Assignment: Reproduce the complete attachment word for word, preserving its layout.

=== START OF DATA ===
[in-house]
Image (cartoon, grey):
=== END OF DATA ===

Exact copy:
[in-house]
Image (cartoon, grey):